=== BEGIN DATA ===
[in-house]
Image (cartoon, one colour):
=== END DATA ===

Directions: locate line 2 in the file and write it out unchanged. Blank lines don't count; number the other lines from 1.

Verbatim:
Image (cartoon, one colour):